Biomechanical and Gait Analysis

Feeling annoyed and irritated by heel pain?

You might have Plantar Fasciitis and seeing a Podiatrist is the best way to get a proper diagnosis.

Biomechanical Assessment

A biomechanical assessment is an in depth assessment of the way you move. It involves taking a detailed history of the symptoms or injuries you have come in to see us or been referred for, taking into consideration your medical conditions, lifestyle factors, physical activities, and occupational hazards.

Abnormal foot biomechanics is a major contributing factor in the development of pain and injury in the feet, ankles, knees and legs. Our experienced Local Podiatrists are trained to detect biomechanical abnormalities that may be the cause of your pain or may predispose you to injury.

Your Local Podiatrist will conduct:

– Comprehensive evaluation of the alignment, structure, and function of the feet and legs while standing and during walking (gait analysis)

– Testing joint range of motion and flexibility

– Testing for foot and leg muscle strength, to detect muscle imbalances and weakness

– Balance and pelvic stability tests

– Screening for leg length difference

– Footwear assessment

The information gained from the biomechanical assessment and gait analysis helps our Local Podiatrists to recommend the most effective treatment program for your specific problem, and can help you to return to your chosen sport or exercise, maximize your athletic performance and minimize the risk of injury recurrence.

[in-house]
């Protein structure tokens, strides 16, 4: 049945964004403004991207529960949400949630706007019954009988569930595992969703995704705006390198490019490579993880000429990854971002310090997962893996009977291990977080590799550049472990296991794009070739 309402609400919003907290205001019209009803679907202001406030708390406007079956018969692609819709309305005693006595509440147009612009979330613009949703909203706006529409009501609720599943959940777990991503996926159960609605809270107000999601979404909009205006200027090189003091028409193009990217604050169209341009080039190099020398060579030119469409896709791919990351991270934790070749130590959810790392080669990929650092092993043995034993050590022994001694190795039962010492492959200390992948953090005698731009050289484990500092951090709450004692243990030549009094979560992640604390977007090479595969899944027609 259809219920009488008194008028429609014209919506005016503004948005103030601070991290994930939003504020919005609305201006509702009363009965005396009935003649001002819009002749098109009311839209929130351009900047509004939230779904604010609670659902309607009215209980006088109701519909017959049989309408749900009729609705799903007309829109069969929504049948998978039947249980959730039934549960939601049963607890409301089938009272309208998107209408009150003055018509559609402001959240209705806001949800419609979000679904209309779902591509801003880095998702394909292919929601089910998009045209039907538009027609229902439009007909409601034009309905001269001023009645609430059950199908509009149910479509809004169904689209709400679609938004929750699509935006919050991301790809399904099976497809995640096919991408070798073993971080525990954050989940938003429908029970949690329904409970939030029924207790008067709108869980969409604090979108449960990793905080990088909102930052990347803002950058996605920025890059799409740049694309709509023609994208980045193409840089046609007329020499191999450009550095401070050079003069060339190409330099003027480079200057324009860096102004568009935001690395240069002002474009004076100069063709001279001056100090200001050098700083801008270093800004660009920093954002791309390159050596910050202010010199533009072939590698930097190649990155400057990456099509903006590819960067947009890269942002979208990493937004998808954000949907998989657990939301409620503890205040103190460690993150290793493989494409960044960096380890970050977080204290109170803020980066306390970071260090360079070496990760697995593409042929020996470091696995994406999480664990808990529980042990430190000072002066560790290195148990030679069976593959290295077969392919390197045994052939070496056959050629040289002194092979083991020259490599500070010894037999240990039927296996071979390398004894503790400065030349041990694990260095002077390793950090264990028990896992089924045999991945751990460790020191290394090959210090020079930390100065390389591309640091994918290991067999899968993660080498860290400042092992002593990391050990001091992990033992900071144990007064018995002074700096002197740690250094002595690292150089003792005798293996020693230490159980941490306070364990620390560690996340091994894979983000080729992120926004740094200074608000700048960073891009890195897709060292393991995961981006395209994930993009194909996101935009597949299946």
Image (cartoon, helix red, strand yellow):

Gait Analysis

Following a detailed biomechanical assessment, you will normally be filmed walking or running on a treadmill so that a gait analysis can be performed. Our Local Podiatrists can then accurately assess your walking or running style, which can help to diagnose the cause of your existing problems and often prevent future overuse syndromes.

Gait Analysis thoroughly breaks down the way you walk or run frame by frame to evaluate any underlying cause of your foot pain and then apply that to any orthotics you have or may require. We then relate this information to the type of footwear that best suits your feet and how your gait impacts on your presenting condition.